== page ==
Astronomers had already observed a handful of objects at such a distance, but most were extreme, such as quasars and not normal, star-forming galaxies. Steidel realized, however, that stars, and therefore galaxies, are rich in hydrogen.

Hydrogen absorbs radiation with wavelengths shorter than 91.2 nanometers — what astronomers call the Lyman limit. As a result, galaxies are mostly invisible below the Lyman limit, in the far ultraviolet region of the electromagnetic spectrum, but visible above it.

Although light with a wavelength of 91.2 nanometers is not accessible on Earth due to the interference of the atmosphere, Steidel and his colleagues knew that the expansion of the Universe would stretch the length of the waves until they were visible.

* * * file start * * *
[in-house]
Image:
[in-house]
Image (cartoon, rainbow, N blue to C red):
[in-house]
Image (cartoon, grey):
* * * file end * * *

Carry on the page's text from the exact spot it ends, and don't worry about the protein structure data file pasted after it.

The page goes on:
And, they knew a wave of light with a length of 91.2 nanometers that traveled 12 billion lightyears would have stretched to wavelengths observable with ground-based telescopes. If they could observe these distant objects and detect a sharp cutoff, or break, at that wavelength, they would know the objects were galaxies.

After outlining their approach in papers now considered classics, Steidel and his colleagues discovered their first batch of distant galaxies, called Lyman Break Galaxies, in October 1995, using the Keck I telescope and its Low Resolution Imaging Spectrograph.

“My entire scientific focus came to be during my first nights on the Keck telescope in 1995. Ever since then, I think of Keck as an extension of where I work, almost like an extended family,” Steidel said.

His team’s observations using his new technique were the first to show that galaxies were common, even at such an early point in the Universe’s evolution.